Verona Quartet: Performance Notes
The program celebrates Beethoven’s 250th birth year under the prism of contrast. How will Beethoven sound after hearing the whimsical Clarinet Quintet that Spanish composer Isabel Urrutia wrote just eight years ago? This haunting work recreates the composer’s fascination with the sound of the wind and, in a mere 10 minutes, will set the stage to hear Beethoven from a fresh new angle. The two works by Beethoven in the program offer the widest possible chronological span in Beethoven’s immense contribution to the transition of Classicism into Romanticism: Beethoven’s Viola Quintet in C minor, Op. 104—the “other” viola quintet, not the famous “Storm” Viola Quintet—is in fact the composer’s own orchestration of his Op. 1 No. 3 Piano Trio in C Minor—the one his teacher Haydn suggested to be withheld from publication. The key of C minor here, like in Beethoven’s Fifth Symphony or “Pathétique” Piano Sonata, is no coincidence, underlying his uniquely dramatic style.
The program ends with Beethoven’s last string quartet, a marked departure from the rest of his late quartets, which in the last movement carries the title “The difficult decision,” complete with a one-line epigraph presenting the two main themes in that movement: a low three-note theme with the words “Must it be?” and a high three-note theme (a reverse of the first), stated twice, and with the words “It must be! It must be!”
Much has been written about the meaning of the words in the last movement, and Beethoven had no small part in creating this controversy when he wrote a misleading letter to his publisher, Moritz Schlesinger. But Beethoven had done this before. When he submitted his Op. 131 quartet in seven movements to his publisher, he wrote: “put together from pilferings from this and that,” which caused the publisher such concern that Beethoven had to assure the publisher that the music was completely original, and his remark was only a joke.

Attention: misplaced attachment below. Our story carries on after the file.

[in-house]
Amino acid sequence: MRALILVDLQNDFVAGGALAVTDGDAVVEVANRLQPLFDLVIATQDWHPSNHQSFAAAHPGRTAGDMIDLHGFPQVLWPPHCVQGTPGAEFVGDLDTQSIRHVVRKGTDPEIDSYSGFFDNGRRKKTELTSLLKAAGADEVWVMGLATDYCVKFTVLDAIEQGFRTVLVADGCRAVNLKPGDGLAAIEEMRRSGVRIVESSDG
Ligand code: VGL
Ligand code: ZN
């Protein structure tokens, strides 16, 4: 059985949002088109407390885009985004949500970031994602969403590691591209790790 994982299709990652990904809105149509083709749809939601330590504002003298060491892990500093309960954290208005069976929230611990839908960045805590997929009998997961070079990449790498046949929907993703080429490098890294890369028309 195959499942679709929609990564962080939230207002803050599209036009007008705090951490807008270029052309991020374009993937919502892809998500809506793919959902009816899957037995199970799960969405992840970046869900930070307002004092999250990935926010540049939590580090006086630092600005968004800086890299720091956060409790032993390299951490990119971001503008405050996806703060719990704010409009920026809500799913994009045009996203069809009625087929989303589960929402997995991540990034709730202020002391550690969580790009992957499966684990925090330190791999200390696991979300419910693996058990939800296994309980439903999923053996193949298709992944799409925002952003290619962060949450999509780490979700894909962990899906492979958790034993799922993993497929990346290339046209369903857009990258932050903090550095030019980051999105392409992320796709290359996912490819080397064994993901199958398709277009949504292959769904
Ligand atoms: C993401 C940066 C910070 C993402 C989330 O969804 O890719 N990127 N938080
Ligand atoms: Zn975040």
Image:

If we focus on the music to find an answer, the start of the last movement is Grave and serious, but that lasts 12 measures only. The music that follows is mostly humorous. In fact, when the Grave section returns, it feels like a parody.
According to Thayer, Beethoven’s biographer, the words in the last movement represent nothing more than the composer’s poking fun at someone whom he felt wanted to take advantage of his beloved Schuppanzigh String Quartet. (Beethoven had studied violin with Ignaz Schuppanzigh when he arrived in Vienna in 1792 and the Schuppanzigh String Quartet premiered many of Beethoven’s groundbreaking quartets.) Presumably, Beethoven refused to lend Ignaz Dembscher, a government official and friend, a copy of his quartet, Op. 130, because Dembscher had not attended the premiere performance by the Schuppanzigh String Quartet. Wanting to set matters right, Dembscher asked Carl Holz to intervene. (Holz was the second violinist in the Schuppanzigh String Quartet that premiered Op. 135 and a good friend of Beethoven’s.) Holz suggested that Dembscher send Schuppanzigh the cost of a ticket to the premier performance: 50 florins. Dembscher asked, “Must it be?” and Holz replied “It must be!” When Holz told Beethoven the story, the composer burst into laughter and immediately sat down to compose a canon on this dialogue. Later on, Beethoven expanded the musical material of the canon into the quartet’s last movement, which ends in joyful laughter. This is a remarkable conclusion for what is still considered today to be the greatest string quartet cycle ever written.
Contributed by UNCSA Faculty Artist Oskar Espina Ruiz